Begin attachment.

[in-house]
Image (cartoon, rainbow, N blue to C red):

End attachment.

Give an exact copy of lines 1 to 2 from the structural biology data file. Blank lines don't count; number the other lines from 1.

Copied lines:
[in-house]
Image (cartoon, rainbow, N blue to C red):